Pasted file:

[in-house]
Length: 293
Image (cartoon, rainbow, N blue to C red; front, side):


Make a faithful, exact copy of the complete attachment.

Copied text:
[in-house]
Length: 293
Image (cartoon, rainbow, N blue to C red; front, side):